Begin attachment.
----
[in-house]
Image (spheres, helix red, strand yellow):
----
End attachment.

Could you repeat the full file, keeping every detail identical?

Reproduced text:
[in-house]
Image (spheres, helix red, strand yellow):